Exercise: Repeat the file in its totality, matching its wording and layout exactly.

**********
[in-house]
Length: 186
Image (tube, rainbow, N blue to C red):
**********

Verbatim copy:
[in-house]
Length: 186
Image (tube, rainbow, N blue to C red):